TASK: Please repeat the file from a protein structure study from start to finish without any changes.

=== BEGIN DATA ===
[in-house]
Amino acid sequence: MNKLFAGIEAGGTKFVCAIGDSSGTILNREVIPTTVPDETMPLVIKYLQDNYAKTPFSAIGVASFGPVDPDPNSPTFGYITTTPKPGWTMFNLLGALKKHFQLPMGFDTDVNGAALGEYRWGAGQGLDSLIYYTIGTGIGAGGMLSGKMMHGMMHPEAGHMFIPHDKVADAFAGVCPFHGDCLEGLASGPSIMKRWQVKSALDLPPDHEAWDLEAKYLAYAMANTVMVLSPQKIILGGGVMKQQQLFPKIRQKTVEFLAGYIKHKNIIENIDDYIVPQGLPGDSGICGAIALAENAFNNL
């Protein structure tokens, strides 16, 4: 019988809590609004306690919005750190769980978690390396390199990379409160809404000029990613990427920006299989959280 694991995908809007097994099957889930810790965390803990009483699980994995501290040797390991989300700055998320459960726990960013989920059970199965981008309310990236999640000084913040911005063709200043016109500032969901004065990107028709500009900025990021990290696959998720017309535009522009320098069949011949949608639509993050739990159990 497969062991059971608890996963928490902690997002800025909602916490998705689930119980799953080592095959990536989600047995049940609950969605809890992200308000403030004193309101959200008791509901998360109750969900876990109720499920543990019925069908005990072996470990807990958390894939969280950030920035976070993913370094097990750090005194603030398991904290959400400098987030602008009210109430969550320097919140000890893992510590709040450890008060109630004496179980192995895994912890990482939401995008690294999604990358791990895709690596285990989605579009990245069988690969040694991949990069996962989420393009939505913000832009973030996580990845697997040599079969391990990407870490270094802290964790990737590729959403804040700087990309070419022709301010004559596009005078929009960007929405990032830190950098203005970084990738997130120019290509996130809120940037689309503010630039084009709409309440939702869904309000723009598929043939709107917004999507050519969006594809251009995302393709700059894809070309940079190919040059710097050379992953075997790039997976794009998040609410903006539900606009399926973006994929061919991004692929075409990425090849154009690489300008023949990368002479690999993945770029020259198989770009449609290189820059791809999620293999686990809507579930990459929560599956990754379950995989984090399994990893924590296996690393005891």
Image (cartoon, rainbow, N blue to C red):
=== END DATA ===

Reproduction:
[in-house]
Amino acid sequence: MNKLFAGIEAGGTKFVCAIGDSSGTILNREVIPTTVPDETMPLVIKYLQDNYAKTPFSAIGVASFGPVDPDPNSPTFGYITTTPKPGWTMFNLLGALKKHFQLPMGFDTDVNGAALGEYRWGAGQGLDSLIYYTIGTGIGAGGMLSGKMMHGMMHPEAGHMFIPHDKVADAFAGVCPFHGDCLEGLASGPSIMKRWQVKSALDLPPDHEAWDLEAKYLAYAMANTVMVLSPQKIILGGGVMKQQQLFPKIRQKTVEFLAGYIKHKNIIENIDDYIVPQGLPGDSGICGAIALAENAFNNL
């Protein structure tokens, strides 16, 4: 019988809590609004306690919005750190769980978690390396390199990379409160809404000029990613990427920006299989959280 694991995908809007097994099957889930810790965390803990009483699980994995501290040797390991989300700055998320459960726990960013989920059970199965981008309310990236999640000084913040911005063709200043016109500032969901004065990107028709500009900025990021990290696959998720017309535009522009320098069949011949949608639509993050739990159990 497969062991059971608890996963928490902690997002800025909602916490998705689930119980799953080592095959990536989600047995049940609950969605809890992200308000403030004193309101959200008791509901998360109750969900876990109720499920543990019925069908005990072996470990807990958390894939969280950030920035976070993913370094097990750090005194603030398991904290959400400098987030602008009210109430969550320097919140000890893992510590709040450890008060109630004496179980192995895994912890990482939401995008690294999604990358791990895709690596285990989605579009990245069988690969040694991949990069996962989420393009939505913000832009973030996580990845697997040599079969391990990407870490270094802290964790990737590729959403804040700087990309070419022709301010004559596009005078929009960007929405990032830190950098203005970084990738997130120019290509996130809120940037689309503010630039084009709409309440939702869904309000723009598929043939709107917004999507050519969006594809251009995302393709700059894809070309940079190919040059710097050379992953075997790039997976794009998040609410903006539900606009399926973006994929061919991004692929075409990425090849154009690489300008023949990368002479690999993945770029020259198989770009449609290189820059791809999620293999686990809507579930990459929560599956990754379950995989984090399994990893924590296996690393005891």
Image (cartoon, rainbow, N blue to C red):